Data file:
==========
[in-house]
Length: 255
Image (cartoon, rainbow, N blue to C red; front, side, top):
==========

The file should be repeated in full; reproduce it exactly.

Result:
[in-house]
Length: 255
Image (cartoon, rainbow, N blue to C red; front, side, top):